NJ Do I need an annulment from the courts?

UPDATED: Sep 30, 2022

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NJ Do I need an annulment from the courts?

Hi, I married a man in November 2013. marriage certificate was approved, name
change, etc In January 2014, I found out he never divorced his 1st wife. I spoke
directly to the legal-wife who admitted they never divorced. Additionally, I
called the courts to confirm no divorce is on record for their marriage. This man
committed bigamy. His parents admitted it also
I would like to remarry soon – but do not want this to delay things since we did
receive a marriage certificate. He was super abusive and I have a restraining
order so if I could keep this out of court I would sleep better at night Out of
sight out of mind to him
I have heard I do NOT need an annulment since it was never a legal marriage but I
need someone to confirm it

Asked on July 18, 2017 under Family Law, New Jersey


M.D., Member, California and New York Bar / FreeAdvice Contributing Attorney

Answered 5 years ago | Contributor

If your "husband" was already legally married at the time you wed, then in the eyes of the law your marriage is null and void. This means that it is as if it never happened. Accordingly, no divorce is necessary. That having been said, you may want to obtain an anullment so as to clear up any legal formalities/complications. At this point, you may want to consult directly with a divorce attorney who cans best advise you further.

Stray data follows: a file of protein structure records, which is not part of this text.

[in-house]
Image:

IMPORTANT NOTICE: The Answer(s) provided above are for general information only. The attorney providing the answer was not serving as the attorney for the person submitting the question or in any attorney-client relationship with such person. Laws may vary from state to state, and sometimes change. Tiny variations in the facts, or a fact not set forth in a question, often can change a legal outcome or an attorney's conclusion. Although AttorneyPages.com has verified the attorney was admitted to practice law in at least one jurisdiction, he or she may not be authorized to practice law in the jurisdiction referred to in the question, nor is he or she necessarily experienced in the area of the law involved. Unlike the information in the Answer(s) above, upon which you should NOT rely, for personal advice you can rely upon we suggest you retain an attorney to represent you.

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